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California Cracks Down On Chemicals

Sept. 16, 2013
Final regulations evaluate the safety of chemicals in consumer products.

On August 23, 2013, the California Department of Toxic Substances Control (DTSC) released changes to the near final Safer Consumer Products Regulations (SCPR). These game-changing regulations took effect October 1, 2013. This column broadly outlines the rule and summarizes the changes.
SCPR: An Overview
In 2008, California passed "green chemistry" legislation directing DTSC to adopt regulations establishing "a process for evaluating chemicals of concern in consumer products, and their potential alternatives, to determine how best to limit exposure or to reduce the level of hazard posed by a chemical of concern." The regulations, which originally were to be issued by January 1, 2011, must prioritize chemicals of concern in consumer products and establish procedures for evaluating safer alternatives to toxic chemicals through a science-based approach.

The state's Office of Environmental Health Hazard Assessment (OEHHA) specified hazard traits, environmental and toxicological endpoints, and other relevant data for inclusion in a state Toxics Information Clearinghouse. DTSC will use information from the clearinghouse to help identify chemicals of concern in consumer products.

In broad terms, within 30 days after the SCPR becomes effective (later this year), DTSC is required to establish a "candidate chemicals" list. The term "chemical of concern" remains in the regulations, as a candidate chemical is the basis for a product being listed as a priority product (PP) that will be designated by DTSC as a chemical of concern for that product. DTSC plans to release a list containing approximately 1,200 candidate chemicals. The current draft would exclude approximately 500 chemicals now used only in pesticides and drugs. DTSC must develop a list of PPs for which alternatives analyses must be conducted.

Within 60 days after a product is placed on the Priority Products List, "responsible entities" will be required to provide notification to DTSC stating that their products are PPs, unless they submit "alternative notifications." Responsible entities include manufacturers, importers and retailers who sell products in California.        The alternatives assessment (AA) is central to the regulations. Each AA must be conducted in two stages and a report must be sent to DTSC at the end of each stage. In the first stage, product criteria are identified. Next, alternatives to the use of the chemical of concern must be identified and screened, and a work plan proposed for the second stage.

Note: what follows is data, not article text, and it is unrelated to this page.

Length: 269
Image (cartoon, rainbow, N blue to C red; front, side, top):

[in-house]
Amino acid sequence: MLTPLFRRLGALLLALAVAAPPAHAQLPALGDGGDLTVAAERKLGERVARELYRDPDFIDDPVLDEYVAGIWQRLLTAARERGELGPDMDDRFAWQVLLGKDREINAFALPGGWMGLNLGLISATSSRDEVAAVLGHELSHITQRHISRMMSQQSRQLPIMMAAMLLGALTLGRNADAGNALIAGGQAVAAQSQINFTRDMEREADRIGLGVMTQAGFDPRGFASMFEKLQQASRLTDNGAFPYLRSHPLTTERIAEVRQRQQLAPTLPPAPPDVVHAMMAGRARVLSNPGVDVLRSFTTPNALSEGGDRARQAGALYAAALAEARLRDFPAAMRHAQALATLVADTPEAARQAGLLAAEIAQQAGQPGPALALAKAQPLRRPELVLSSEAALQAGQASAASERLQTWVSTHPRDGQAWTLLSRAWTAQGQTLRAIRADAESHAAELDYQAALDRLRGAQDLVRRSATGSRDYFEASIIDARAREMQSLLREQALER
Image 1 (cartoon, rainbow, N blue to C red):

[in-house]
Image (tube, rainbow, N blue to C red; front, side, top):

The second stage requires a more detailed AA. The product and each alternative must be evaluated for key factors and potential exposure pathways and lifecycle segments. Possible regulatory responses triggered by DTSC's findings and determinations include use restrictions and prohibitions on sales, among other options.

The recent changes relate principally to how trade secret information is managed.  They would extend the period of confidentiality to allow DTSC to review the information and allow the entity submitting information time to appeal a decision. The changes aren't expected to delay issuance of the final rule, and have been generally praised.

Far-Reaching Rule
California's SCPRs are expected to redefine the way consumer products are designed, formulated, distributed and marketed. For this reason, implementation of the program will have impact far beyond California. Because the state represents a large market, manufacturers likely will need to conform their specifications for all consumer products to California's SCPR criteria. The alternative is to create different product specifications for California and the rest of the country and world, which is regarded widely as commercially infeasible and a legal non-starter.

Watch for the issuance of the final rule, and review it carefully if products your company manufactures or sells in California are within the SCPR scope. Even if direct application of the program isn't immediately relevant, given the precedential impact of the regulations, consumer product manufacturers may wish to review the rule as California's approach likely will be seen as a template for the regulation of consumer products elsewhere and thus may be adopted by other regulatory bodies.

LYNN BERGESON is Chemical Processing's Regulatory Editor. You can e-mail her at [email protected]Lynn is managing director of Bergeson & Campbell, P.C., a Washington, D.C.-based law firm that concentrates on conventional, biobased, and nanoscale chemical industry issues. She served as chair of the American Bar Association Section of Environment, Energy, and Resources (2005-2006).

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